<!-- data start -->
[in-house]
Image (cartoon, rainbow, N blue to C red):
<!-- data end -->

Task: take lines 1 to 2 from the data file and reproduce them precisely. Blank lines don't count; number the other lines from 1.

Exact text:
[in-house]
Image (cartoon, rainbow, N blue to C red):